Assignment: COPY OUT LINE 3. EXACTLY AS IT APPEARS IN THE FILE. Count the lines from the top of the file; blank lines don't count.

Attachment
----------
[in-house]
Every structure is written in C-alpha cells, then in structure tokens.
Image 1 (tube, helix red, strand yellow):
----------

Image 1 (tube, helix red, strand yellow):